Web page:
By the Times Herald, Port Huron
---- — Michigan’s new helmet law saw more motorcycle fatalities in its first year on the books. That shouldn’t come as any surprise.
The mandatory helmet requirement the Legislature repealed was a good statute with sound common sense. Its premise was riding a motorcycle without a helmet unnecessarily courts danger. Making helmets optional is verifying the value of the former law.
Michigan’s motorcycle fatalities increased by 18 percent last year. Office of Highway Safety Planning’s data shows deaths rose from 109 in 2011 to 129 in 2012.
Some attribute the spike to Michigan’s abnormally warm weather. March’s balmy temperatures brought motorcycles out on the roads in numbers usually seen in late spring and summer, a factor that might account for the rise in fatal accidents.
A University of Michigan researcher has a different take. She blames the new helmet law.
An assistant research scientist with the U-M Transportation Research Institute’s Biosciences Group and co-manager of the Transportation Data Center, Carol Flannagan studied motorcycle crash statistics from April 13, when the mandatory helmet law’s repeal went into effect, through the end of 2012.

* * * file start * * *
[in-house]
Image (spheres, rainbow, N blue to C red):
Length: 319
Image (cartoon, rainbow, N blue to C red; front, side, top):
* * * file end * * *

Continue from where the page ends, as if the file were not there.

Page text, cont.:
When Flannagan compared the data to the same period in previous years, she concluded Michigan’s optional helmet law contributed to the increase in motorcycle deaths. She estimated 26 fewer motorcycle deaths and 49 fewer serious injuries would have occurred last year if helmets still were mandatory.
In comparing the periods, Flannagan said her research shows 76 percent of motorcycle accident victims wore helmets after helmets no longer were required. In the same period in each of the three years before the helmet law was changed, 98 percent wore helmets.
The fatality rate, she said was nearly three times higher for motorcycle accident victims without helmets than for those who wore them.
None of that was lost on opponents of the new law. They predicted it would result in greater fatalities.
Armed with Flannagan’s findings, insurance and health-care leaders told state lawmakers last week to restore the mandatory helmet law. But don’t expect that to happen.
Legislators tried for years to repeal the old law. But Gov. Jennifer Granholm always vetoed the legislation. When the latest attempt reached the desk of Gov. Rick Snyder, he signed it into law. Despite common sense, it is here to stay.
Times Herald, Port Huron